Back-to-School Quickie

The new semester has arrived and with it comes the return of Sex & Pancakes. If you’re a new student, welcome to Concordia! If you’re a returning student, welcome back!

The first few weeks can be both exciting and stressful as you adjust to a new routine. Luckily there are many people here to help. While department staff and faculty take care of your academic life, and student leaders take care of your social life, I’m here to help you take care of your sex life.

Every week you can submit your sexual health questions at sex-pancakes.com and I’ll answer them here. Since it’s the start of a new semester, I’ll be doing a series of Sex & Pancakes back-to-school “quickies.” These quickies will provide easy information to help you navigate your sexual health.

This week I’ll be starting with a condom quickie! Seems pretty basic right? So basic, in fact, that many people have never formally learned how to use condoms. Those same people are often surprised to learn that condoms rarely break unless they’re used wrong, so if a condom has ever broken on you it’s pretty likely whoever put it on did it wrong.

Here’s your chance for a review with some extra tips:

(1) Check the expiration date and push down on the wrapper to make sure there’s an air bubble—this checks for holes or tears in the wrapper. (If you only have an expired condom, it’s still safer than no condom at all).

(2) Push the condom to one side of the wrapper and carefully tear open along the opposite side with your hands (no teeth!).

(3) Take the condom out and make sure it’s not inside out. The condom should look like a sombrero with a rim that rolls down easily. If it’s inside out, it will look like a tuque with no defining edges and rolling it down will be a challenge. (If you’ve placed it on the penis inside out, pre-cum may already be on the condom so it’s best to get a new one instead of just flipping it).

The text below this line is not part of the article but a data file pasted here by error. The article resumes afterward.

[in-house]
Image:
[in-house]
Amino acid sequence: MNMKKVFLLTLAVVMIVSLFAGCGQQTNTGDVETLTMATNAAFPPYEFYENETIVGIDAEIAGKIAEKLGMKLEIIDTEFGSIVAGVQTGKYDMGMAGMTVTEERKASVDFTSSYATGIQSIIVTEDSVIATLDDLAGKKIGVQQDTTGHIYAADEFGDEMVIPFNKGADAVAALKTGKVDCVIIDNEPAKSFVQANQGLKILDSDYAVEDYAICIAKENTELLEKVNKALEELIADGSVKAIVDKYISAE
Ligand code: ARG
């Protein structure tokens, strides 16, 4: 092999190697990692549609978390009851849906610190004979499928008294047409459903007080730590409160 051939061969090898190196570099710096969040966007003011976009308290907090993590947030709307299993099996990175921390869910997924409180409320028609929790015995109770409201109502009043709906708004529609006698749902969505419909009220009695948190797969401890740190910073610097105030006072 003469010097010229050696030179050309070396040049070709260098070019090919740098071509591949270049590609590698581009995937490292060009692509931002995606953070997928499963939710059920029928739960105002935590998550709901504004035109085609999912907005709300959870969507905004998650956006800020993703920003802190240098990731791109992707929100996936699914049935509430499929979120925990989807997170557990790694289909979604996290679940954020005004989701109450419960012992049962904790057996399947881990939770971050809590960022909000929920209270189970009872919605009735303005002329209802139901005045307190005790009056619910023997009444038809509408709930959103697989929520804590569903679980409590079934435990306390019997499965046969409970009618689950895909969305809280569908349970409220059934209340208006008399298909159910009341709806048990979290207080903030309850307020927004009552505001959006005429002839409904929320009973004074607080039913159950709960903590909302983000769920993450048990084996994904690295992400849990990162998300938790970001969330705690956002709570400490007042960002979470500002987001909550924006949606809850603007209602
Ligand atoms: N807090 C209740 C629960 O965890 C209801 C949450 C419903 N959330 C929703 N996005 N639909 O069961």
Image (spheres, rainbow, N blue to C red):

(4) Pinch the tip of the condom as you place it on an erect penis. Pinching the tip removes any air pockets and leaves room for semen. Skipping this step is the reason most condoms break.

(5) Use your other hand to roll the condom all the way to the base of the penis.

(6) Use the condom!

(7) Once you’re done, hold the condom from the base of the penis while pulling out to make sure it doesn’t slip off.

(8) Keep holding the base of the condom snug around your penis while slipping it off to keep semen from spilling out.

(9) Dispose of the condom in a garbage, don’t flush it! (There’s nothing worse than having to call your landlord to dislodge a used condom from your toilet!)

Now that condom use has been covered, let’s touch on a related issue. Many people consider the responsibility of condom use to be exclusively on the partner with the penis, or the one penetrating. This is a common reason that many people never learn how to use them.

It can be easy to take a passive role in condom use and assume that anyone with a penis knows how to use one, but everyone involved can be affected if the condom fails. So if you’re using condoms, it’s important to take an active role in making sure you’re using them well.

Check in next week for some on-campus sexual health resources that include where to pick up free condoms, lube and dental dams on campus!

Submit your question anonymously at sex-pancakes.com and check out “Sex & Pancakes” on Facebook.

Got a quick health question? Just need a resource? Text SextEd at 514-700-0445 for a confidential answer within 24 hours!

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